Stephen Fry: "This is the sermon on the Mount. This isn't Glastonbury," he could have said, couldn't he?
David Mitchell: But, you know, he should have said "You didn't bring any food! Of course there's not gonna be any food! Think about it!" ... "Plan next time! Judea would be better if people planned!" But no. "Yeah, it always works out fine; Jesus'll magic up some grub!" No! He's gonna get crucified one day, and then what are you gonna eat?

Stephen Fry: Name a poisonous snake.
Jimmy Carr: Piers Morgan.
[The forfeit alarm goes off.]

[About the Canadian Mounted Police.]
David Mitchell: It’s like trying to police a country with Daleks.
Jimmy Carr: Which’d never work with the disabled access we’ve got now. The Daleks can get everywhere.
David Mitchell: Jimmy, are you saying that you think that disabled access is a Dalek conspiracy?
Jimmy Carr: Yes. That is exactly what I’m saying.

Series GEdit

Episode G.1 "Gardens"Edit

[Alan is testing his gentleman gardener's saw on the table, despite Stephen's protests]
David Mitchell: I really wish they hadn't made the set out of asbestos.

Stephen Fry: [both arms on his waist] Do you know that rhyme, "I'm a little teapot, short an stout, [looks right] here's my handle, [looks left] oh bugger, I'm a sugar bowl!"

[Stephen has explained that the best place to find new species is your own garden]
Alan Davies: Still going rainforest. I'm sorry.
Stephen Fry: Yes, but you'd have to travel thousands of miles, you'd have to park there, you'd have to look, you'd have to, you know -
Alan Davies: Park?!
[audience bursts into laughter, Stephen looks as if he can't believe what he's just said]

Alan Davies: You know when you find a bee, and it's crawling on its last legs.
Rob Brydon: I always rescue them.
Alan Davies: You give it honey. It's the only thing they eat, makes sense when you think about it.
[audience laughter]
Alan Davies: No point in just talking to it. Give it honey!
David Mitchell: They're very much a one-recipe species, aren't they?
Dara Ó Briain: I'm intrigued, because I would, um, I generally give it a sole of my shoe. You know, not to be harsh, but…
Alan Davies: [exasperated] You step on a struggling, crawling bee? Trying to get back to the hive?
Dara Ó Briain: What? As opposed to rehabilitate it?
Alan Davies: I like honey! I have it on my porridge! You murderer!
David Mitchell: [after the argument has gone on for a while] But isn't it true, though, that a bee, in its entire lifetime, makes absolutely tiny amount of honey overall? So you don't have to give much rehabilitating honey to this one bee before the nation, the world, is making a net loss! I mean, it's useless. If you only get one teaspoon of honey from a whole bee's lifetime, and every time you have to get it back on its feet it takes a teaspoon and a half, suddenly there's no honey at all! You're insulting it apart from anything else! It's like showing a very tired mason a whole cathedral!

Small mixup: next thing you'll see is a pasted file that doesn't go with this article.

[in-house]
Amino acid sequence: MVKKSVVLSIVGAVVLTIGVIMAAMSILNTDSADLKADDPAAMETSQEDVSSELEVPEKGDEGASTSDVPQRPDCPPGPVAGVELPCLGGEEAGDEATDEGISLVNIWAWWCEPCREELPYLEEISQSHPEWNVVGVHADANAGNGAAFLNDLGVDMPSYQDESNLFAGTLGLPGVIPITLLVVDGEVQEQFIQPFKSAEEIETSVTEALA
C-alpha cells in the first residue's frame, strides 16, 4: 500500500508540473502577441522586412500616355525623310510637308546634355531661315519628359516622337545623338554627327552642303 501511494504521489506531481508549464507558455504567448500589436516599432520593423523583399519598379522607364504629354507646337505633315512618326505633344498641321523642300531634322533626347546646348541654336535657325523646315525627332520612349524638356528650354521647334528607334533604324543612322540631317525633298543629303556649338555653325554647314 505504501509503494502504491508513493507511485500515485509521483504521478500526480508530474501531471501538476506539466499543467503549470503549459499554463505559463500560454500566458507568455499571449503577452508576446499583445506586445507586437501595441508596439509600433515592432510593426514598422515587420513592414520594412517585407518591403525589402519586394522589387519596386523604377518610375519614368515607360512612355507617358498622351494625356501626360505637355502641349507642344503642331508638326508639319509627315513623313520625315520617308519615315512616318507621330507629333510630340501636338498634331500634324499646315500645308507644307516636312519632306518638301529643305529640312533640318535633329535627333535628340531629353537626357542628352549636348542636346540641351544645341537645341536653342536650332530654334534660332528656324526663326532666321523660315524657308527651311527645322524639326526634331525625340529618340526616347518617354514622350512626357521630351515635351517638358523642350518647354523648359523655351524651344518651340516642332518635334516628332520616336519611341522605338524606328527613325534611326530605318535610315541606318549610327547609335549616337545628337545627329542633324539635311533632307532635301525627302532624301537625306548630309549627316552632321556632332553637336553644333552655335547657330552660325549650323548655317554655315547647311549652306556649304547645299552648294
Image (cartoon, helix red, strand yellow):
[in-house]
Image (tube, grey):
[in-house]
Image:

Episode G.2 "Ganimals"Edit

Stephen Fry: What use is a goose?
Sandi Toksvig: [dead serious] Is it toilet paper? [general laughter] No, seriously. Is it - [more laughter]
Stephen Fry: Sandi, that is bizarre. Why do you say that?
Sandi Toksvig: Well, because I once read this book by Rabelais, I think it was called Gargantua. And he recommended that the best thing for toilet paper was a live goose. And I have yet to check in to a five-star hotel without a sense of disappointment.

Stephen Fry: So that's the uses of gooses or the eese of geese.
Sean Lock:
Is the next question on the habits of rabbits?
Stephen:
Oh, I wish that it were.
Sean:
"How far can you shove a dove?"
Alan:
Hats of cats. That's my offer.

[On giraffes]
Stephen Fry: So there you are. There are these beautiful animals, and they are graceful and sweet and long eyelashes and sexy and rather desirable in many ways…
Sandi Toksvig: Good thing you're tall.

Stephen Fry: What's the commonest cause of death among mountain goats?
Bill Bailey: [hitting his buzzer] BRIAN BLESSED.

Episode G.3 "Games"Edit

Stephen Fry: Which popular game traditionally ends with all of the participants being thrown into a lake of fiery sulfur?
Sean Lock: I hope it's show jumping. I hate show jumping!

[On Ouija boards]
Stephen Fry: …But the reference in the Bible to the fiery lake or whatever is from Revelations, where it does say that those who practice the magic arts will be cast into burning sulfur.
Phill Jupitus: How about balloon animals?
Stephen Fry: The punishment for people who do balloon animals is not specified in the Book of Revelations.

Episode G.4 "Geography"Edit

Rob Brydon: Friends of mine, back in Wales, quite a few of them have got Welsh - it's not a famous voice but it's a Welsh SatNav, which basically goes, you know -
Stephen Fry: In Welsh language?